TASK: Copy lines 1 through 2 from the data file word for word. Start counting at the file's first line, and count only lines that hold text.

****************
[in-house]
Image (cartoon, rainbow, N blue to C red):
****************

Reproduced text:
[in-house]
Image (cartoon, rainbow, N blue to C red):